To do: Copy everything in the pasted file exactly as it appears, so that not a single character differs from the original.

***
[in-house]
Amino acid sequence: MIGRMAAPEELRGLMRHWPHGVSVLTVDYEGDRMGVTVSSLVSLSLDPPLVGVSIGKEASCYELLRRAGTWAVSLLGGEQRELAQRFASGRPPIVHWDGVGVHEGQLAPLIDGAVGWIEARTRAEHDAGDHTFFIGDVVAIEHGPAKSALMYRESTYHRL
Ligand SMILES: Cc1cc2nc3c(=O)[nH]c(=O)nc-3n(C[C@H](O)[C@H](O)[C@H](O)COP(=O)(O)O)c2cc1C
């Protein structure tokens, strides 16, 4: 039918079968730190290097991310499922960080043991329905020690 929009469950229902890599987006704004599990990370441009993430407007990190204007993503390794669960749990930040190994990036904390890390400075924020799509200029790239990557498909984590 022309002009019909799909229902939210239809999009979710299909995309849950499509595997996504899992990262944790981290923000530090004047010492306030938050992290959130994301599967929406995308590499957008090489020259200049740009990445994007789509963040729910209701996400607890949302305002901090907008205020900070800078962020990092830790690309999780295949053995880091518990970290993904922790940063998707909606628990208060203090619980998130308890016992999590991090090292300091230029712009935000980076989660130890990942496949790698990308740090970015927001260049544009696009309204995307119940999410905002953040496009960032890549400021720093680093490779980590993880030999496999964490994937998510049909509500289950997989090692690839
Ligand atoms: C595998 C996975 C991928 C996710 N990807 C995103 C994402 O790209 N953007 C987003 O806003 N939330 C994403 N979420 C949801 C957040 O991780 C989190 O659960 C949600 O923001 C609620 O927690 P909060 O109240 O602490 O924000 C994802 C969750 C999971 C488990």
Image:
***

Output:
[in-house]
Amino acid sequence: MIGRMAAPEELRGLMRHWPHGVSVLTVDYEGDRMGVTVSSLVSLSLDPPLVGVSIGKEASCYELLRRAGTWAVSLLGGEQRELAQRFASGRPPIVHWDGVGVHEGQLAPLIDGAVGWIEARTRAEHDAGDHTFFIGDVVAIEHGPAKSALMYRESTYHRL
Ligand SMILES: Cc1cc2nc3c(=O)[nH]c(=O)nc-3n(C[C@H](O)[C@H](O)[C@H](O)COP(=O)(O)O)c2cc1C
């Protein structure tokens, strides 16, 4: 039918079968730190290097991310499922960080043991329905020690 929009469950229902890599987006704004599990990370441009993430407007990190204007993503390794669960749990930040190994990036904390890390400075924020799509200029790239990557498909984590 022309002009019909799909229902939210239809999009979710299909995309849950499509595997996504899992990262944790981290923000530090004047010492306030938050992290959130994301599967929406995308590499957008090489020259200049740009990445994007789509963040729910209701996400607890949302305002901090907008205020900070800078962020990092830790690309999780295949053995880091518990970290993904922790940063998707909606628990208060203090619980998130308890016992999590991090090292300091230029712009935000980076989660130890990942496949790698990308740090970015927001260049544009696009309204995307119940999410905002953040496009960032890549400021720093680093490779980590993880030999496999964490994937998510049909509500289950997989090692690839
Ligand atoms: C595998 C996975 C991928 C996710 N990807 C995103 C994402 O790209 N953007 C987003 O806003 N939330 C994403 N979420 C949801 C957040 O991780 C989190 O659960 C949600 O923001 C609620 O927690 P909060 O109240 O602490 O924000 C994802 C969750 C999971 C488990």
Image: